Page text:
TSPN Talks Science Communication: The STEAM Sisters
On Wednesday November 24th 2021, the Toronto Science Policy Network (TSPN) hosted an interactive talk on science communication by the STEAM Sisters, who shared their experiences and gave advice on how trainees can better communicate their work.
Sandhya Mylabathula and Swapna Mylabathula (known as the STEAM Sisters) both do research on concussions as PhD and MD/PhD students at the University of Toronto. Previously, they’ve co-developed a national concussion strategy, consulted on provincial concussion policy, and delivered a TEDx Talk on health policy. They are recognized as two of the top 50 Most Influential Torontonians & as Urban Heroes.
To kick off the interactive talk, they asked the audience: “What is science communication?” Numerous responses were received, including outreach, misinformation, advancing science culture, sharing science with policymakers. The Sisters defined science communication as “taking technical concepts and transforming them into accessible stories to the general public.” Furthermore, they outlined six considerations when communicating science, which include: defining the goal, audience, timing, platform, sources, and passion.
The Sisters emphasized the importance of relatable messaging and storytelling using a 3 F’s approach. This approach includes FINDing your passion and FOLLOWing through on your interests to see what gaps in policy exist. The conversation also needs FUEL to be sustained — that is, spreading the word through outreach via social media, news, and research. During the talk, the Sisters initiated smaller discussions in breakout rooms where they challenged the audience to create a social media post/story about a science policy topic of their choice. Audience members were to: identify a relevant problem, identify actions to solve it, consider costs/benefits, and create an elevator pitch to convince decision-makers on their plan of action.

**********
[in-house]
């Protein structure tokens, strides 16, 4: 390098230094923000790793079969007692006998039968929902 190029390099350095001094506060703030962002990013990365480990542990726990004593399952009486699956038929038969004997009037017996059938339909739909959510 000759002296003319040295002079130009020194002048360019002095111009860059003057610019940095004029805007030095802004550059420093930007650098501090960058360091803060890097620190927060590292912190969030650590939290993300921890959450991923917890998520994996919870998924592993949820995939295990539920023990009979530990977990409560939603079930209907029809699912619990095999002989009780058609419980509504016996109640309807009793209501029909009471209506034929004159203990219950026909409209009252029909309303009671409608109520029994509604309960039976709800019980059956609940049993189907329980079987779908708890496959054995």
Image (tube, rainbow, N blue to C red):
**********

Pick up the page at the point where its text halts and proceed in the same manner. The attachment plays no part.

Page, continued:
According to the Sisters, effective science communication makes science accessible to the general public by translating jargon and creating inviting discussions where the public can be a part of the conversation. They also explain the importance of trust building in efforts to combat misinformation. To conclude the talk, they emphasized that storytelling is a great way to share information. It is the duty of the communicator to find a way to personally connect with the audiences as a hook, and to mention both the “what” and the “why” of the issue (i.e. why is it important?).
A recording of the panel can be viewed on our YouTube channel. TSPN extends our profound gratitude to the STEAM Sisters for sharing their expertise and insights. We would also like to thank the Student Initiative Fund for supporting the event. Finally, we thank everyone who attended and participated!